Zn(NO3)2.6H2O was used as starting material for the synthesis of ZnO NPs. In the first step, 0.2 g of the tragacanth gum (TG) was added in 40 ml of deionized water and mixed for 80 min at 70 °C. Next step, 1.5 g of zinc salt was added to the obtained gel. The container was moved to a sand bath with the stabled temperature at 75 °C and stirring was consecutive for 12 h. The product of this step was a white color resin. Then, this resin was calcined in air at 500 °C for 4 h to obtain ZnO NPs.
All photocatalytic tests were done by a fluorescent lamp (λ>400, 90 W, parmis, Iran). The degradation of the selected dye was followed in 50 ml solution of different dye concentrations. Diverse dosages of ZnO nanoparticles (0.03, 0.04, 0.05 and 0.06) were used. The degradation efficiency of malachite green dye was evaluated by UV–Vis spectrophotometer at a λmax = 619 nm.
RESULTS AND DISCUSSION
Characterization of Zinc Oxide NPs
The phase and structure of the ZnO nanoparticles were determined by the XRD technique. Fig. 2 showed the XRD pattern of zinc oxide NPs. The peaks located at 31.77°, 34.39°, 36.30°, 47.53°, 56.52°, 62.91°, 66.33°, 67.82°, 69.08°,72.45°, 76.90°, 81.33°, 89.24°, 92.62°, 95.22° and 98.65° correspond to (100), (002), (101), (102), (110), (103), (200), (112), (201), (004), (202), (104), (203), (210), (211), and (114) crystal planes of ZnO, respectively (JCPDS file No. 65-3411). All the diffraction peaks were readily indexed to a pure phase hexagonal structure. The average crystallite size of ZnO nanoparticles was obtained from the full width at half maximum (FWHM) of the (101) diffraction peak with the Scherrer formula:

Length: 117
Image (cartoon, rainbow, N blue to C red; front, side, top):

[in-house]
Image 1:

where D is the crystallite size of the catalyst (nm), β is the full width at half maximum (FWHM) of the peak, λ is the X-ray wavelength and θ is the diffraction angle . Using the above formula, we gained an average crystallite size of 18 nm for ZnO NPs.
Fig. 3 demonstrates the FTIR spectrum of zinc oxide NPs. For this sample, the bands observed at 452 cm-1, 1624 cm-1, and 3425 cm-1 are attributed to Zn–O, O–H bending, and stretching vibration of O–H group, respectively .
Fig. 4 displays the FESEM image of green synthesized ZnO NPs. As seen in the FESEM image, the zinc oxide NPs have narrow size distributions with uniform spherical shape. Moreover, the TEM images (Fig. 5) of the ZnO NPs were in a good agreement with the SEM image, and also showed that the prepared sample has a spherical morphology with a regular particle size of about 25-35 nm.
The specific surface area (15.87 m2g–1), pore diameter (45.73 nm), and total pore volume (0.067 cm3 g−1) of ZnO NPs were specified by the BET method.
The band gap of zinc oxide nanoparticles was evaluated by diffuse reflectance spectroscopy (DRS). The band gap energy was obtained by a reflectance technique by exerting the Tauc theory . The result exhibited that the band gap of ZnO nanoparticles is nearly 3.03 eV (Fig. 6). Hence, it is confirmed that the ZnO NPs are suitable photocatalyst in a visible-light region.